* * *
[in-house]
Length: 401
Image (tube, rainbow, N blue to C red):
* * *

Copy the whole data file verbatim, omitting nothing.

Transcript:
[in-house]
Length: 401
Image (tube, rainbow, N blue to C red):